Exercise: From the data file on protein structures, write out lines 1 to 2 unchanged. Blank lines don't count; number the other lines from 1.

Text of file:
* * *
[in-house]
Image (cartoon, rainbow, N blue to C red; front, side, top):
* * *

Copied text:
[in-house]
Image (cartoon, rainbow, N blue to C red; front, side, top):